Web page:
On This Page
Multiple-choice Questions (MCQs) are a subset of what are referred to as "objective questions". Objective questions are questions which have a correct answer (usually only one). The term "objective" here means there is complete objectivity in marking the test. The construction, specification and writing of the individual questions (items) are influenced by the judgements of examiners as much as in any other test.
The objective test is largely used to test factual material and the understanding of concepts. Because of the objectivity and ease of marking it is frequently used for testing large groups. It is claimed that skilled items writers can develop items to test higher level intellectual skills (Cannon and Newble: 1983) but if the perception of students is that these types of questions usually test the recall of facts, then they will prepare for them accordingly.
- objective tests can sample a broad range of a course
- objective tests are rapidly marked
- students are not able to "bluff" or "pool" answers
- scoring is objective and reliable (e.g. no halo effect)
- distribution of scores is determined by the test - not by the examiner
- only the objectives tested for are marked
- "good" items may be stored in an item bank and reused
- objective tests are time consuming to set
- there is no credit for partial information
- objective tests may encourage guessing
- good objective tests are difficult to set
- student "selects" information
- objective tests may encourage reproduction learning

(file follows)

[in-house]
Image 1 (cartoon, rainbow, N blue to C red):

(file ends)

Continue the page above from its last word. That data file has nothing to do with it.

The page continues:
It is to be noted that the quality of an objective test is determined by the skill of the constructors of the test.
While the following notes refer specifically to the most common form of objective tests (MCQs), many of the comments are relate to all objective questions.
Multiple-choice Questions are probably the most widely used of objective tests. Such questions are normally composed of four parts:
- STEM - question or incomplete statement
- OPTIONS - suggested answers or completions
- DISTRACTERS - incorrect responses
- KEY - correct response
While the stem is, in most cases, written material, other material such as graphs, diagrams, sets of results may be used. In these cases it is probable that abilities other than recall may be tested. In some cases a number of questions (items) may be related to the same material. In these circumstances, care must be taken to make the questions independent (i.e. the answer to one question not depending on an answer to a previous one).